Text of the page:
Pacific Grove

Pacific Grove

Pacific Grove, residential and resort city (1990 pop. 16,117), Monterey co., W central Calif., on a point where Monterey Bay meets the Pacific Ocean; inc. 1889. Among the natural attractions of the area are the millions of Monarch butterflies that arrive each fall to spend the winter. Stanford Univ. has a marine laboratory there. Nearby Point Pinos Lighthouse has been in operation since 1855.

Pacific Grove is a coastal town in Monterey County, California, USA, with a total population of 15,522 as of the 2000 census.

Pacific Grove is known for its Victorian homes, Asilomar State Beach, its artistic legacy and the annual migration of the Monarch butterflies. The city is endowed with more Victorian houses per capita than anywhere else in America; some of them have been turned into bed and breakfast inns.

The city is also known as the location of the Point Pinos Lighthouse, the oldest continuously-operating lighthouse on the West Coast, Pacific Grove Museum of Natural History, located in the historic downtown, and the Stowitts Museum & Library.

It is also known as John Denver's place of death.

History

In prehistoric times the Rumsen were one of the linguistically distinct Ohlone groups of the Monterey Bay Area who inhabited the area now known as Pacific Grove. This tribe subsisted with hunting, fishing and gathering in what has been deduced as a biologically rich Monterey Peninsula.

Pacific Grove as its shape is known today began in 1875 as a summer Methodist camp, where hundreds assembled to worship amid rough tents. In time, the butterflies, fragrant pines and fresh sea air brought others to the Pacific Grove Retreat to rest and meditate. The initial meeting of the Pacific Coast branch of the Chautauqua Literary and Scientific Circle was held in Pacific Grove in June 1879. Modelled after the Methodist Sunday school teachers’ training camp established in 1874 at Lake Chautauqua, N.Y., this location became part of a nationwide educational network.

In November 1879, after the summer campers returned home, Robert Louis Stevenson wandered into the deserted campgrounds: "I have never been in any place so dreamlike. Indeed, it was not so much like a deserted town as like a scene upon the stage by daylight, and with no one on the boards." Today, Stevenson School in nearby Pebble Beach is named after the author.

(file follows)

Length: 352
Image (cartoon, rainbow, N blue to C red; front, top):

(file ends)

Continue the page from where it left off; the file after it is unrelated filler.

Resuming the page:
Pacific Grove, like Carmel-by-the-Sea and Monterey, became an artists' haven in the 1890s and subsequent period. Artists of the En plein air school in both Europe and the United States were seeking an outdoor venue which had natural beauty, so that Pacific Grove was a magnet for this movement. William Adam was an English painter who first moved to Monterey and then decided on Pacific Grove for his home in 1906. At about the same time Eugen Neuhaus, a German painter, arrived in Pacific Grove with his new bride. Charles B. Judson was an artist of aristocratic lineage who painted in Pacific Grove over a long period of time beginning in 1907; Judson's murals decorate the halls of the California Academy of Sciences.

For a number of years, John Steinbeck lived in a cottage in Pacific Grove owned by his father, Ernest, who was Monterey County Treasurer. The cottage still stands on a quiet side street, without any plaque or special sign, virtually overlooked by most Steinbeck fans. In Steinbeck's book Sweet Thursday, a chapter is dedicated to describing a (probably fictional) rivalry that arose among the town's residents over the game of roque.

Local traditions include a Butterfly Parade, in which elementary schoolchildren dress in various costumes and march through town, and the Feast of Lanterns, a Chinese-styled pageant in which a high school girl and her companions act out a melodrama.

In the 1980's, Pacific Grove was the site of the pioneering microcomputer software house Digital Research.

In recent years, Pacific Grove has seen a decrease in its population of young people with children, due to the high cost of housing and the mismatch between housing prices and the incomes available from the primarily tourist-centered local economy.